New Media Lab, 2010
The MIT Media Lab’s orientation toward innovation and cross-disciplinary collaboration is made evident in Fumihiko Maki’s extension, which grows out of I. M. Pei’s Wiesner Building, the original home of the research center.
The ethos of transparency undergirds the entire complex’s interior—most labs feature double-height ceilings and glass-paned walls, making visible the dynamic work taking place throughout the building. The light-filled atrium features a gallery space and a glass elevator with exposed shafts that moves through the core of the structure, further emphasizing the permeability between floors. A curtain wall composed of slender aluminum pipes covers much of the facade, acting as a veil-like surface that allows interior light to emanate through to the exterior.
On the upper floors of the atrium, three of the stairways are emblazoned in red, yellow, and blue, boldly slicing across the largely glass, monochromatic, rectilinear environment. The visual flashes are a nod to the primary colors used by artists of the early twentieth-century Dutch art movement De Stijl and also parallel Kenneth Noland’s painted panels in the interior of the Wiesner Building. The top floor houses an auditorium, event space, and wood-paneled terrace with a glass barricade that offers unobstructed views of downtown Boston.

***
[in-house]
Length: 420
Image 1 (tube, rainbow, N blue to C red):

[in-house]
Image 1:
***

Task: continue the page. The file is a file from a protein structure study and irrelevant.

Fumihiko Maki was born in Tokyo, Japan, in 1928. He began his architecture studies as an undergraduate at the University of Tokyo, where he participated in Kenzo Tange’s Research Laboratory, and earned masters of architecture degrees at Cranbrook Academy of Art and Harvard Graduate School of Design. In the early years of his career, he taught at Washington University of St. Louis and Harvard Graduate School of Design and worked at architecture firms Skidmore, Owings, and Merrill and Sert, Jackson, and Associates.
After studying and working in the States, Maki returned to Japan and played a critical role in the formation of the Metabolism Group, an architectural movement that sought to use biological metaphors to express urban growth and postwar renewal in the form of megastructures, utopian city planning initiatives, and modular, flexible housing units. In 1965, Maki opened his own firm, Fumihiko Maki and Associates, and soon after became a professor at the University of Tokyo, where he continued to teach until 1987.
Notable projects by Maki include work at Expo ’70 in Osaka; Spiral Building, Tokyo; Makuhari Messe, Chiba; Yerba Buena Center for the Arts, San Francisco; the Mildred Lane Kemper Art Museum, St. Louis; 51 Astor Place, New York; Tower 4 of the new World Trade Center, New York; and the Aga Khan Museum, Toronto. In 1993, Maki was awarded the Pritzker Prize, the highest honor in the field of architecture.